B2B vs B2C Product Management
Here are some of the differences between B2B and B2C Product Management and some of its similarities.
B2B signifies a transaction between two businesses, whereas B2C refers to businesses selling their products to customers. As a product manager, it is their duty to know the difference between the two so as to choose the best strategy for their product. But before we get into that, let’s talk a little bit about B2B and B2C Product Management.
What is B2B Product Management?
Simply put, B2B product management involves working closely with the clients, who are other businesses. Some tasks of a B2B product manager include market research, branding and pricing. Here are some of the most important skills for a B2B SaaS product manager to have in their arsenal.
Earlier, B2B used to signify that the user experience wasn't as important. What mattered was convincing the buyer to buy the product, even if the users had complaints about its usability. When B2B first rose to fame, the focus was on function over form. Product features and robustness were given higher preference over the UI and user experience. But that is quickly changing with rising trends such as Product Led Growth and Vertical SaaS. Companies are even changing the way they market to their target demographic. Here are some B2B marketing trends to watch out for 2022.
What is B2C Product Management?
In B2C, product management focuses heavily on the end-user experience and feedback. Product managers do this by conducting market research, feedback, and in-person interviews with users of the products, so there is a direct line of feedback between the users and the company.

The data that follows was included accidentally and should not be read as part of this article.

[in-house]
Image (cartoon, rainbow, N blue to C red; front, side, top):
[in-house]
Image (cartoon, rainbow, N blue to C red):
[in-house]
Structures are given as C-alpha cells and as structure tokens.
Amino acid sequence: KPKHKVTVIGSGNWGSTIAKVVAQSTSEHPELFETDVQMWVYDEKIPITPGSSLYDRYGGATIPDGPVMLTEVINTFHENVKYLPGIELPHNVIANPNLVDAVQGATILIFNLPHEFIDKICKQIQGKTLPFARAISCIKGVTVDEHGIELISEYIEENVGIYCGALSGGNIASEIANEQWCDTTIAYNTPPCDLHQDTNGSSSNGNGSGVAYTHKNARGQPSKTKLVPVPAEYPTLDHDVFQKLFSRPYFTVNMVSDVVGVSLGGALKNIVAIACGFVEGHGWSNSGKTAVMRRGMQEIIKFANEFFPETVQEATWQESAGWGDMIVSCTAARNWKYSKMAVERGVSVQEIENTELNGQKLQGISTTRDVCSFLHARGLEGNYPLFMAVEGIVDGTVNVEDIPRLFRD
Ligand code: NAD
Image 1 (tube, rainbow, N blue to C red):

Interacting with the customers is a boon the company as they can develop and update the software as per the customer’s necessities. This is a great step to increase retention as users to more likely to stick with products that constantly fix bugs and also takes customer feedback seriously.
B2B Product Management vs B2C Product Management?
When you boil it down to its simplest form, both B2B and B2C might seem like companies designing and selling their products to the user. In reality, there are a lot of factors on the front and back end that are different. Some significant differences are:
In B2B, revenue is generated from a handful of high-value transactions, usually enterprises. The sales cycle in B2B varies from 6 to 12 months, usually ending around the financial year. In this time, the sales team nurtures and build a relationship with the customer while also ensuring that they stick around for the next year.
In B2C, the company earns revenue from their numerous customers, who in turn make millions of smaller transactions. These could be anything like subscriptions, upgrades or micro-transactions. Spotifys cheapest plan costs $10/month which is the price of two cups of coffee. But considering Spotify’s 365 million active monthly users worldwide and 180 million premium users, this is where B2C companies rake in the bucks.
Separating the customer from the user
In the case of B2B, users are rarely the customers. Customers are the purchasers of the product, whereas users are the end-users, the true intended audience for the product. Say if company XYZ was the customer of an enterprise SaaS company ABC, the employees of XYZ are the users of ABC’s product.